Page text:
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- Lymph node Lymphnodes . suchastheneck,axillae,. Lymp

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Lymph node
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Lymph nodes Lymph nodes are small bean shaped structures lying along the course of lymphatics. They are aggregated in particular sites  such as the neck, axillae, groins and para-aortic region. Knowledge of the sites of lymph nodes is important in physical  examination of patients. Lymph nodes have two main functions: •phagocytic cells act as filters for particulate matter and micro-organisms •antigen is presented to the immune system a) Structure Lymph nodes have a fibrous capsule from which trabeculae extend towards the centre thus forming a framework: The node is made up of three components: •lymphatic sinuses •blood vessels parenchyma (cortex, paracortex, medulla)  b) Cortex B cells:  These enter the lymph node via HEVs and pass to the follicles. If activated by antigenic stimulation they proliferate  and remain in the node. Unstimulated B cells, however, pass out rapidly from the node to return to the general circulation.  Activated B cells within the lymphoid follicles are known as follicle centre cells. The pale staining central area of a secondary  follicle is known as a germinal centre and this is surrounded by a mantle zone consisting of small, naive B cells and a few T  cells. The follicle centre cells within the germinal centres consist of cells with cleaved nuclei (centrocytes) and cells with larger  more open nuclei and several nucleoli(centroblasts). Stimulated mature B cells responding to antigen change into centrocytes and then centroblasts. The centroblasts leave the  follicle and pass to the paracortex and medullary sinuses, where they become immunoblasts. The immunoblasts divide to  give rise to plasma cells or memory B cells which are ready for their next encounter with specific antigen. Accessory cells:  Lymphocytes alone are not to make an effective immune response. They are assisted by so-called  accessory cells. These may be grouped as follows: •sinus macrophages (highly phagocytic)  •tingible body macrophages (ingest cellular debris in germinal centres)  •marginal zone macrophages (found beneath the subcapsular sinus)  •follicular dendritic cells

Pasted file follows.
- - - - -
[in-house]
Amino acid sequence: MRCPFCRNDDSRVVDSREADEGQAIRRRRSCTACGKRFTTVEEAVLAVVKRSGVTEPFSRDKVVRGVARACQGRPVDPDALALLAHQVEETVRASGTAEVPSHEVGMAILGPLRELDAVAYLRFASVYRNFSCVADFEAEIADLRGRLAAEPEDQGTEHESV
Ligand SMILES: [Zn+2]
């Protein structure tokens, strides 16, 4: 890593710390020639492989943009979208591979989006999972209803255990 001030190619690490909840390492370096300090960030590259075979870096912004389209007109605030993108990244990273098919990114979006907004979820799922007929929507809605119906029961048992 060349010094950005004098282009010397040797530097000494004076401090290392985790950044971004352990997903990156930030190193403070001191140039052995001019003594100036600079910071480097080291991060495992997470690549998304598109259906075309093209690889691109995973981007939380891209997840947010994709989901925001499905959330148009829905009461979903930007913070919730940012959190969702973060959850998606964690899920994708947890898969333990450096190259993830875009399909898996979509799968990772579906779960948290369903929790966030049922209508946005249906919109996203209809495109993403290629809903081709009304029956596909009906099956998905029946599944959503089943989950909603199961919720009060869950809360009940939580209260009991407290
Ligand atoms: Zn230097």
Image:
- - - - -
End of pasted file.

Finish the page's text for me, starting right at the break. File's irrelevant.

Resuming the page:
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The subcapsular and cortical sinus system was hardly (if at all) visible in the slides I looked at. Identify the connective tissue capsule and
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This note was uploaded on 04/10/2011 for the course BIOL 4202 taught by Professor Staff during the Spring '11 term at North Texas.

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- Lymph node Lymphnodes . suchastheneck,axillae,. Lymp

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